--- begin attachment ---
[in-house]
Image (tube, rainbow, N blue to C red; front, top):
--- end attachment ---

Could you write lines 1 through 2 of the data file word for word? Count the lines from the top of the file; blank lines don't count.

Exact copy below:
[in-house]
Image (tube, rainbow, N blue to C red; front, top):